I ended up working at a wonderful school with the most amazing children. I fell in love with 800 Chinese students. I did not, however, fall in love with China. I found the country very noisy, too crowded, and, surprising to me, too hot. I was close to Russia and North Korea, and never dreamt it would be hot and humid in the summer. I never ventured to Beijing— Changchun was busy enough for me. I had no interest in seeing the Great Wall, or the Terra Cotta soldiers, or any of the other big tourist attractions. I went there to become a better teacher and to experience the food. The food did not disappoint—it was some of the best I’ve ever had, the dumplings, the noodle soup. I miss those things almost daily.
I did, however, get to see the Harbin Ice and Snow Festival. It was incredible. This is the biggest ice and snow festival in the world and it was one reason I picked this area. I love winter and wanted to experience this. It was definitely worth going to.
China was an experience I am grateful for having and I will never forget those beautiful faces of the children I taught but, after one year, I was ready to move on.
From China, I headed to Chile for seven weeks. Seven glorious weeks in what I can only describe as one of the most beautiful countries in the world. I landed in Santiago, after 27 grueling hours of travel from Asia, and was greeted with a sunny day and a wonderful place to stay. Santiago is beautiful, with the Andes as a backdrop to the city. I explored, I ate, and I was so grateful that there were many people who spoke English so easily. A nice change after the year in China.
From Santiago, I travelled north. I went to Valparaiso on the coast, headed up to La Serena, which definitely lives up to its name. Serene, beautiful, quiet. I loved it there. Then I went further north to Antofagasta, where I enjoyed fresh fish at the market, marveled at the sea life, sea lions and pelicans so close I could touch them. The most memorable place for me was San Pedro de Atacama. Seeing the Milky Way on a clear night, conquering a fear in the desert with a group of people, and simply relaxing and enjoying the time on my own, it was heaven.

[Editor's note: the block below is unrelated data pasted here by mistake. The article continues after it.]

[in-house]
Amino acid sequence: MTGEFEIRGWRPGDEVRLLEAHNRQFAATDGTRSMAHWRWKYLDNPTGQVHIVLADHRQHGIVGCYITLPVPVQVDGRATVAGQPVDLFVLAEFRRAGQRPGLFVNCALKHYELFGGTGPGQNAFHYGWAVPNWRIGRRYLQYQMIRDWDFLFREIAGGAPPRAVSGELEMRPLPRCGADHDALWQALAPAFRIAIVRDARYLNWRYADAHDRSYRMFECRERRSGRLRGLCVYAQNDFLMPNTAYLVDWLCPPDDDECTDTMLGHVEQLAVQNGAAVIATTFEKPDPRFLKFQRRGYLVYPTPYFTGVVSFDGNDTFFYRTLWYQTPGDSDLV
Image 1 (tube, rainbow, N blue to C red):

Arica, on the border with Peru, is where I ended my time in Chile. The most pristine beaches with cheap restaurants, the beautiful weather, it really was the best place to end my holiday.
This past January, I headed to Spain, Morocco and Portugal. I cannot say more than what I’ve already said—Europe is the best place in the world. Relaxing, the food is phenomenal, and the people are so friendly.
I will be heading out in a few months to more countries and to celebrate my 55th birthday. Turkey and Greece are where I’m aiming, and I can’t wait. The ancient ruins, the caves, the food. Travelling has shown me how strong and resilient I am. It’s made me more patient and more aware of how much I can do on my own. Travelling has brought a new spark—I get excited looking at other people’s vacation pictures, and it reminds me just how much there is to see and discover, including more of myself. Fifty-five is only a number, but one I am looking forward to as much as any other birthday. You are only as young as you feel. ♦